The story centres on the Outpatients Department and the ways that they facilitated various groups of patients as they arrived for their appointments. He’d already had to point out to the reception staff of the Audiology (hearing) section that calling out the names of people waiting to see the hearing Consultants wasn’t exactly a very viable method!

After several feed-back sessions with the various team leaders involved, he was invited to revisit the Ophthalmology section (sight). They were extremely pleased with themselves and pointed out that they now had information in Braille and large print at their reception counter, and had made sure that blind (sic) people coming into the general department knew where to obtain this. The cartoon alongside summarises their solution!

Posted by Dave Lupton, 18 July 2008

Last modified by Dave Lupton, 7 February 2009

Damn nation

You’ll remember that the government provoked uproar among Disabled people last year when it announced that it would be introducing a single equality duty in place of the disability equality duty (DED).

This new bill, according to the blurb sent out about it is designed to strengthen existing laws and bring nine separate anti-discrimination laws, including the Disability Discrimination Act (DDA), into a single piece of legislation.

The DDA was admittedly not the best piece of disability legislation ever passed, but still, it did get public bodies to consider how their spending decisions, employment practices and service delivery would affect us crips. As I understand it, this new single equality duty would only require authorities to set equality objectives and take proportionate steps to achieve them. So once again this effectively allows service providers to set their own agenda - and this is a step forward?! Or am I missing something?!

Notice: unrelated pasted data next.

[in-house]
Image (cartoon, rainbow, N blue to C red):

Disability campaigners have said they are encouraged by new government proposals for an equality bill, but insist that there are still gaps that need plugging. GAPS! I think I’ll just leave my cartoon to say what I think about that!

Posted by Dave Lupton, 11 July 2008

Last modified by Dave Lupton, 7 February 2009

Rough Justice

Three men who repeatedly kicked, punched and stamped on a Disabled man over a £5 bet to see who could knock him out first, have won reductions in their minimum sentences at the Court of Appeal.

William Hughes, 22, Marcus Miller, 16, and Stephen Bonallie, 17, were sentenced to minimum prison terms of between 15 and 22 years after killing Brent Martin, 23, on Sunderland’s Town End Farm estate in August of last year. After the attack, the men posed for pictures and left Brent dying next to a parked car. He later died in hospital. But now all three have successfully appealed against their minimum terms - the shortest period they must serve before they can apply for parole.

The Lord Chief Justice, Lord Phillips, Mr Justice Goldring, and Mr Justice Plender, sitting at the Court of Appeal in London, overturned the original ruling and have reduced the term on all three men.

So the message would seem to be that it's OK to kill Disabled people, and that we cannot expect to be protected by the law when this happens. These criminals beat a man to death because he was Disabled. Who's next I wonder - the Elderly, Ethnic minorities, you ... me?!

Posted by Dave Lupton, 4 July 2008

Last modified by ben paley, 15 July 2008